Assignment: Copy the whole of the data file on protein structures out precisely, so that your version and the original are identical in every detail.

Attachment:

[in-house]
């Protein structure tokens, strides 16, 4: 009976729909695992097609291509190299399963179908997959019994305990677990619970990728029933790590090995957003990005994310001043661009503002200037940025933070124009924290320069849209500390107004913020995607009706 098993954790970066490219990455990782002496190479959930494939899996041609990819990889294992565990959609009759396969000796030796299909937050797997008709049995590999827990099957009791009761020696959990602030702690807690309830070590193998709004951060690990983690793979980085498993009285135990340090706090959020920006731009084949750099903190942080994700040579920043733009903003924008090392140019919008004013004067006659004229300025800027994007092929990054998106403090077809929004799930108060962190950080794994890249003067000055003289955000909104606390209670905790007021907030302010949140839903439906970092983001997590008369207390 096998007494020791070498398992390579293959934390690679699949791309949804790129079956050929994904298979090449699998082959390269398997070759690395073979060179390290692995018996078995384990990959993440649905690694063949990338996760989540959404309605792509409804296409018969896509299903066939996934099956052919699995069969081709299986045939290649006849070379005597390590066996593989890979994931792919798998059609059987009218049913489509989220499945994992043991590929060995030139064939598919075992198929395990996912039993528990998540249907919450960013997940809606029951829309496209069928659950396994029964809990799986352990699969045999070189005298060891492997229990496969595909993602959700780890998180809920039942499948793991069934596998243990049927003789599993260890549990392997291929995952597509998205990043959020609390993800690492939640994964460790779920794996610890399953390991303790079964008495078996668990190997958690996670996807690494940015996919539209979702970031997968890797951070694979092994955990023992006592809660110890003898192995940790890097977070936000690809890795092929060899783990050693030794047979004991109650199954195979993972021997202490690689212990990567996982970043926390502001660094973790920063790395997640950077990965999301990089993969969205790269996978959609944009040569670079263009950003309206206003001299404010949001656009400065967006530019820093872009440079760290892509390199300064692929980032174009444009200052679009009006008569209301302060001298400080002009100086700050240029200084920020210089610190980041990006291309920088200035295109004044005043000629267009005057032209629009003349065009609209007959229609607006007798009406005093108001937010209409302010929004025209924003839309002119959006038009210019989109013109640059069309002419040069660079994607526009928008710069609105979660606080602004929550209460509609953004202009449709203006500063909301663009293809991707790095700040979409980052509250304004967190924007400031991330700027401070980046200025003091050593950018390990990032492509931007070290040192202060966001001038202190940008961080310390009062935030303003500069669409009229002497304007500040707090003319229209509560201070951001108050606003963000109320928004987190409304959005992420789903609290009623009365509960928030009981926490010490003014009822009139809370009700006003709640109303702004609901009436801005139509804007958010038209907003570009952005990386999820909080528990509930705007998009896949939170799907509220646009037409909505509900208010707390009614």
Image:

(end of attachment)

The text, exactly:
[in-house]
């Protein structure tokens, strides 16, 4: 009976729909695992097609291509190299399963179908997959019994305990677990619970990728029933790590090995957003990005994310001043661009503002200037940025933070124009924290320069849209500390107004913020995607009706 098993954790970066490219990455990782002496190479959930494939899996041609990819990889294992565990959609009759396969000796030796299909937050797997008709049995590999827990099957009791009761020696959990602030702690807690309830070590193998709004951060690990983690793979980085498993009285135990340090706090959020920006731009084949750099903190942080994700040579920043733009903003924008090392140019919008004013004067006659004229300025800027994007092929990054998106403090077809929004799930108060962190950080794994890249003067000055003289955000909104606390209670905790007021907030302010949140839903439906970092983001997590008369207390 096998007494020791070498398992390579293959934390690679699949791309949804790129079956050929994904298979090449699998082959390269398997070759690395073979060179390290692995018996078995384990990959993440649905690694063949990338996760989540959404309605792509409804296409018969896509299903066939996934099956052919699995069969081709299986045939290649006849070379005597390590066996593989890979994931792919798998059609059987009218049913489509989220499945994992043991590929060995030139064939598919075992198929395990996912039993528990998540249907919450960013997940809606029951829309496209069928659950396994029964809990799986352990699969045999070189005298060891492997229990496969595909993602959700780890998180809920039942499948793991069934596998243990049927003789599993260890549990392997291929995952597509998205990043959020609390993800690492939640994964460790779920794996610890399953390991303790079964008495078996668990190997958690996670996807690494940015996919539209979702970031997968890797951070694979092994955990023992006592809660110890003898192995940790890097977070936000690809890795092929060899783990050693030794047979004991109650199954195979993972021997202490690689212990990567996982970043926390502001660094973790920063790395997640950077990965999301990089993969969205790269996978959609944009040569670079263009950003309206206003001299404010949001656009400065967006530019820093872009440079760290892509390199300064692929980032174009444009200052679009009006008569209301302060001298400080002009100086700050240029200084920020210089610190980041990006291309920088200035295109004044005043000629267009005057032209629009003349065009609209007959229609607006007798009406005093108001937010209409302010929004025209924003839309002119959006038009210019989109013109640059069309002419040069660079994607526009928008710069609105979660606080602004929550209460509609953004202009449709203006500063909301663009293809991707790095700040979409980052509250304004967190924007400031991330700027401070980046200025003091050593950018390990990032492509931007070290040192202060966001001038202190940008961080310390009062935030303003500069669409009229002497304007500040707090003319229209509560201070951001108050606003963000109320928004987190409304959005992420789903609290009623009365509960928030009981926490010490003014009822009139809370009700006003709640109303702004609901009436801005139509804007958010038209907003570009952005990386999820909080528990509930705007998009896949939170799907509220646009037409909505509900208010707390009614």
Image: